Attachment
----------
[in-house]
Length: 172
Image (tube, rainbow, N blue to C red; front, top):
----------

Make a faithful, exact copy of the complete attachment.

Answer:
[in-house]
Length: 172
Image (tube, rainbow, N blue to C red; front, top):